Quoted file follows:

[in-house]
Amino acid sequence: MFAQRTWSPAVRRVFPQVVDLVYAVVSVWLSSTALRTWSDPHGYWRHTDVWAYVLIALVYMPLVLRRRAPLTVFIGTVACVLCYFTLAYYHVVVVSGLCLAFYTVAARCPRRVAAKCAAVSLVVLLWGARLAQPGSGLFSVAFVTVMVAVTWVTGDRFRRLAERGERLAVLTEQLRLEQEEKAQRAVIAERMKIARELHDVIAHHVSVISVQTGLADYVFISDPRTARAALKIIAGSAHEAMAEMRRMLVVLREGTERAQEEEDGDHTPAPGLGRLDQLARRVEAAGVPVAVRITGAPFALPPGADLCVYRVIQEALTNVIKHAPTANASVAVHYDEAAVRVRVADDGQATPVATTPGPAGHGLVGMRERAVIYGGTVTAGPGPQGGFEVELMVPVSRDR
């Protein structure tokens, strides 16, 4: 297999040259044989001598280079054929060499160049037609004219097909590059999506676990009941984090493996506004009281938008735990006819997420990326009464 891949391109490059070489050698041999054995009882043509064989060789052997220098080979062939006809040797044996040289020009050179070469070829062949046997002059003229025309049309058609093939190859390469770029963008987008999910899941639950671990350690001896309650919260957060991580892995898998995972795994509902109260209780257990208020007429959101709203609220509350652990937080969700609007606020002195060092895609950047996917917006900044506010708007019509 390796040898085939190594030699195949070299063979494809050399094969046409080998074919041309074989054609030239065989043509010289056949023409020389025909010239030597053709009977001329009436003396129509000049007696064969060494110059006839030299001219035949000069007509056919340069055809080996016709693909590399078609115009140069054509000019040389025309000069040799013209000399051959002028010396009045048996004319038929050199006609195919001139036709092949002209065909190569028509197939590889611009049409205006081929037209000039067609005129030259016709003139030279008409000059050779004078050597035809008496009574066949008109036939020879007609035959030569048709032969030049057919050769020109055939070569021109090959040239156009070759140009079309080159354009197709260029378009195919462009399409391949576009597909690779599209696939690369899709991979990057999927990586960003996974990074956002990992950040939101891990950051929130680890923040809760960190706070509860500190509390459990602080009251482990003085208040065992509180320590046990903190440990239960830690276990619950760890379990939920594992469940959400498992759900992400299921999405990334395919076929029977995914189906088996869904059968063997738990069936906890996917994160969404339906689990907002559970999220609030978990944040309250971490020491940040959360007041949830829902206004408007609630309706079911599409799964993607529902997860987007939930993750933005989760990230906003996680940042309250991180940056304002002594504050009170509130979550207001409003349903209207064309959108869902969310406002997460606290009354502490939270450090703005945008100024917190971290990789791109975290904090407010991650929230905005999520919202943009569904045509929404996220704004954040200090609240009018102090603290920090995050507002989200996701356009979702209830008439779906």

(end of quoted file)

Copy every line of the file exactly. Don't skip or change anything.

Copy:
[in-house]
Amino acid sequence: MFAQRTWSPAVRRVFPQVVDLVYAVVSVWLSSTALRTWSDPHGYWRHTDVWAYVLIALVYMPLVLRRRAPLTVFIGTVACVLCYFTLAYYHVVVVSGLCLAFYTVAARCPRRVAAKCAAVSLVVLLWGARLAQPGSGLFSVAFVTVMVAVTWVTGDRFRRLAERGERLAVLTEQLRLEQEEKAQRAVIAERMKIARELHDVIAHHVSVISVQTGLADYVFISDPRTARAALKIIAGSAHEAMAEMRRMLVVLREGTERAQEEEDGDHTPAPGLGRLDQLARRVEAAGVPVAVRITGAPFALPPGADLCVYRVIQEALTNVIKHAPTANASVAVHYDEAAVRVRVADDGQATPVATTPGPAGHGLVGMRERAVIYGGTVTAGPGPQGGFEVELMVPVSRDR
């Protein structure tokens, strides 16, 4: 297999040259044989001598280079054929060499160049037609004219097909590059999506676990009941984090493996506004009281938008735990006819997420990326009464 891949391109490059070489050698041999054995009882043509064989060789052997220098080979062939006809040797044996040289020009050179070469070829062949046997002059003229025309049309058609093939190859390469770029963008987008999910899941639950671990350690001896309650919260957060991580892995898998995972795994509902109260209780257990208020007429959101709203609220509350652990937080969700609007606020002195060092895609950047996917917006900044506010708007019509 390796040898085939190594030699195949070299063979494809050399094969046409080998074919041309074989054609030239065989043509010289056949023409020389025909010239030597053709009977001329009436003396129509000049007696064969060494110059006839030299001219035949000069007509056919340069055809080996016709693909590399078609115009140069054509000019040389025309000069040799013209000399051959002028010396009045048996004319038929050199006609195919001139036709092949002209065909190569028509197939590889611009049409205006081929037209000039067609005129030259016709003139030279008409000059050779004078050597035809008496009574066949008109036939020879007609035959030569048709032969030049057919050769020109055939070569021109090959040239156009070759140009079309080159354009197709260029378009195919462009399409391949576009597909690779599209696939690369899709991979990057999927990586960003996974990074956002990992950040939101891990950051929130680890923040809760960190706070509860500190509390459990602080009251482990003085208040065992509180320590046990903190440990239960830690276990619950760890379990939920594992469940959400498992759900992400299921999405990334395919076929029977995914189906088996869904059968063997738990069936906890996917994160969404339906689990907002559970999220609030978990944040309250971490020491940040959360007041949830829902206004408007609630309706079911599409799964993607529902997860987007939930993750933005989760990230906003996680940042309250991180940056304002002594504050009170509130979550207001409003349903209207064309959108869902969310406002997460606290009354502490939270450090703005945008100024917190971290990789791109975290904090407010991650929230905005999520919202943009569904045509929404996220704004954040200090609240009018102090603290920090995050507002989200996701356009979702209830008439779906």